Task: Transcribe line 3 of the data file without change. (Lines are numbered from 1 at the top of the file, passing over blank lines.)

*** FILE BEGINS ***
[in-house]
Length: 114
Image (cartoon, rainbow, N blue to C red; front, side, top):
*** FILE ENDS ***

Image (cartoon, rainbow, N blue to C red; front, side, top):